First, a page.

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Re^2: Powerset short-circuit optimization

by Limbic~Region (Chancellor)
on Oct 25, 2006 at 17:00 UTC ( #580625=note: print w/ replies, xml ) Need Help??


in reply to Re: Powerset short-circuit optimization
in thread Powerset short-circuit optimization

jimt,
I admittedly did a poor job of explaining the nuances of this problem that make it difficult. I am going to attempt to clarify since you went through all the trouble of working on it though you may have already nailed it.

You have N files that have to be processed in a specific order. Each line in each file is a set which needs to have the powerset (minus the empty set) generated for it. Any set that has been previously seen anywhere in any file can be skipped. While the sets inside a given file can be pre-ordered in any way that would assist in optimizations, the files themselves have to be processed in a specific order.

File 1 is a list of our base sets. File 2 is a list of some base sets combined "two at a time". File 3 is a list of some base sets combined "three at a time". This process is repeated for N files. Ultimately, the powerset of the longest string in the last file will encompass every single set previously seen and should only produce a single set (itself).

File1 Output ABC A, B, C, AB, AC, BC, ABC ABD D, AD, BD, ABD AB BC E E File2 ABCE AE, BE, CE, ABE, ACE, BCE, ABCE File3 ABCDE CD, DE, ACD, ADE, BCD, BDE, CDE, ABCD, ABDE, ACDE, BCDE, +ABCDE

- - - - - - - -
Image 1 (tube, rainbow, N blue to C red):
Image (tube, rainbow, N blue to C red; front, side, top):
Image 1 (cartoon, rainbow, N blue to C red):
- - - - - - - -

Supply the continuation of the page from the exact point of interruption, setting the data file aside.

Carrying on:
I hope this complete example makes it clear what I am trying to accomplish. If your code can do what I describe above, please adapt your example accordingly.

Cheers - L~R


Comment on Re^2: Powerset short-circuit optimization
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Re^3: Powerset short-circuit optimization
by jimt (Chaplain) on Oct 25, 2006 at 21:27 UTC

    This is a friggin' awesome problem. Lots of fun working on it. :-) But I think a solution is at hand.

    My previous solution assumed that there was some sort of external criteria that would determine whether to skip generation of the powerset. Extensive private conversation with Limbic~Region plus his re-statement of the problem made it clear that that's not the case. Existence is the condition AND we need to worry about multiple sets and god knows what else. This will take time to explain.

    Update: Fixed a minor logic glitch that could cause dupes with specially crafted sets. This code should now be complete.

    Update 2: Changed to pack as a little endian long (V) instead of just a long (L) to make cross platform compatible.

    Update 3: Okay, I'm man enough to admit that all of my slick binary logic actually introduced a horrrible inefficiency (looping to see if a set should be skipped). Fixed with a hash lookup instead. Duh.

    Update4: I think I've squeezed as much raw power out of this as I'm going to get. The newest version here requires the set elements be known in advance and it doen't print out the null set. Otherwise? It does work. Comparing against Limbic~Region's code below, mine is indeed still slower. Dang.

      jimt,
      I am sad to tell you that despite providing an iterative version that need not be called more than necessary, it is terribly slow. I timed (not Benchmarked) 4 versions and unfortunately this wasn't even a contender:
      • java recursive 1 = 12 seconds
      • perl recursive 1 = 13 seconds
      • perl recursive 2 = 28 seconds
      • perl iterative 1 = 6_190 seconds (only 25% done, getting slower, and producing duplicates)

      The code to generate the 3_477 line data file and the recursive java version can be found at How many words does it take?. The two recursive perl versions are below: